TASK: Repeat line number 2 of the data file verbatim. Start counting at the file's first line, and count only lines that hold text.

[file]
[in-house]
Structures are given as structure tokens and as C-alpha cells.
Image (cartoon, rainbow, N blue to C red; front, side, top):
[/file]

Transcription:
Structures are given as structure tokens and as C-alpha cells.